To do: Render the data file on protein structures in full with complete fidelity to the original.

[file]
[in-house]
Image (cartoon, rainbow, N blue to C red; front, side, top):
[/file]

[in-house]
Image (cartoon, rainbow, N blue to C red; front, side, top):